Mark Lanegan – You might as well live
Razors pain you;
Rivers are damp;
Acids stain you;
And drugs cause cramp.
Guns aren’t lawful;
Gas smells awful;
You might as well live.
— Dorothy Parker, “Resume”
The fingernails by which Mark Lanegan has been hanging these last few years — maybe his whole life — have been gnawed to the quick, and the hands themselves worked hard. He is dressed all in black, even to the knit cap that covers his rough-cut hair. Unable to find a key to anything more than the battered pickup he’s driving, we walk around the side of Barrett Martin’s Seattle home and settle on the back porch. The air is clear and sharp with the final edge of winter. Puget Sound sparkles blue and, beyond, the Olympic Mountains rise toward the midday sun, all old rock and glistening snow.
It is a good day to be alive.
Mark’s still wrestling with that.
This is tangled up in too many threads, and there’s no easy way to unravel them.
Mark Lanegan is lead singer for the Screaming Trees (Martin is his drummer), a quartet first formed in Ellensburg, Washington, in 1984. The Trees recorded a fistful of fine, dense, dreamily psychedelic albums for SST, equal parts punk Love and Lee Hazlewood, back before grunge.
An old wound, that. Wasn’t supposed to hurt. Wasn’t even supposed to happen, really.
It is hard, today, to summon even the memory of the exultation that infused Seattle in 1991, but there was once magic in my old hometown. Discredited now, but what a marvel to have watched grow, to have lived through. In the end, commerce overwhelmed genius — it always seems to — and those first fragmentary ideas became codified, another rigid corpse on radio. And the toll of drugs.
But first grunge swept up every good and not so good act in Seattle. Screaming Trees (not quite a Seattle band, but, then, neither was Nirvana…) signed to Epic, for whom they cut three albums. The one in the middle, Sweet Oblivion, the one that had the hit single from the Singles soundtrack (“Nearly Lost You”), almost went gold.
Along the way, Lanegan, who had come slowly into the idea that he might be a singer of some merit, recorded two solo albums for Sub Pop: 1989’s The Winding Sheet and 1993’s Whiskey For The Holy Ghost. A third, Scraps At Midnight (also on Sub Pop), is set for release July 28.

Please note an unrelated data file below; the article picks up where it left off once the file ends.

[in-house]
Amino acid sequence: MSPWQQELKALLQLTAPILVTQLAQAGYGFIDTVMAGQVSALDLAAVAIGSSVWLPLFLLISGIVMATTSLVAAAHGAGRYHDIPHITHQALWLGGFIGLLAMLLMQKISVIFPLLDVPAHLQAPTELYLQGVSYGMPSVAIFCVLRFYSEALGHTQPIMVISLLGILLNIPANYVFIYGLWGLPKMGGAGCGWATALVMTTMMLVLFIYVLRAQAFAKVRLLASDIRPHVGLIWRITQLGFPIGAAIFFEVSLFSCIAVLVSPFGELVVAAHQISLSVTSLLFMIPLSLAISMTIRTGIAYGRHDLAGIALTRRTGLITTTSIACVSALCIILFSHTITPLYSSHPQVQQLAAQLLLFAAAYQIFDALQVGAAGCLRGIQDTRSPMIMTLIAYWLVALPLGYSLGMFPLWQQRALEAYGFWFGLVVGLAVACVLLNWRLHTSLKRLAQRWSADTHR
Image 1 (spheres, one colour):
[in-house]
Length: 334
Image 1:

They are extraordinary, those records.
How to explain the rest?
Some nights one stares too long in the mirror. If there is a bottle open, and one of Lanegan’s albums should spring to hand…
Some nights it is good to cry, but not too much.
Certain voices — Blind Willie Johnson, Hank Williams, Ira Louvin — are best savored amid that four-in-the-morning solitude. Lanegan’s is like that, though his is a very private moan, a quiet, lonely sound, the dry, deep voice of hope eroded by folly.
But it is quite one thing to sit on this side of the speakers, stare into that mirror, empty that bottle. One visits, then. Is a voyeur, perhaps. Living there, that’s different.
Kurt Cobain, with whom Lanegan learned Lead Belly’s “In The Pines” in a garage in Olympia, long before anyone dreamt it might matter — Kurt killed himself. (And he did, never mind the rumors; the medical examiner had booked one of Nirvana’s first Seattle shows.)
It casts a pall.
Two years ago, Screaming Trees released what would be their final album for Epic; the contract was officially severed this May. Dust was a painful mess, and sold poorly. Lanegan was a painful mess and, one heard through the grapevine, sold pretty much everything he owned.
We did a short interview in his apartment that April, sat in his small living room, heat on ten, Lanegan complaining of a migraine, his deep, raspy voice barely above a whisper, a Kurosawa video running silent on the TV, Coltrane CDs on the table, Lanegan rail thin, his eyes pinned. Smacked. After, he swept up some loose bills and asked for a ride to the cash machine. Once outside, he changed his mind. Maybe the borrowed Volvo station wagon didn’t belong in the neighborhood he wished to visit; perhaps he simply took pity on the visiting writer.
It seemed like an end, and a hard goodbye.